But that isn’t of that much help, since the Council of the European Union with their regular EU summits provide the guidelines. The rotating presidency is charged with fulfilling the tasks set by those summits. 

So the agenda-setting is still top-down and centralized. But I can imagine that the more important an EU presidency country is, the more influential the presidency can be. 

As for me, I’ll keep count, how often the term “EU presidency” will pop up in the news during the next six months.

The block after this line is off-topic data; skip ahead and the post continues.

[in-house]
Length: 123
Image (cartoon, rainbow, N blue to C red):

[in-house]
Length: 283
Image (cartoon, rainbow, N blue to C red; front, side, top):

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Johannes Eber
Johannes Eber
Founder of the "Good morning Europe blog"
Guest author for European Liberals for Reform

Johannes' articles are originally written for the “Good morning Europe” blog ( We were given permission to publish his articles on the European Liberals for Reform blog.
How powerful is the EU presidency?
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Johannes Eber

Founder of the "Good morning Europe blog" Guest author for European Liberals for Reform Johannes' articles are originally written for the “Good morning Europe” blog ( We were given permission to publish his articles on the European Liberals for Reform blog.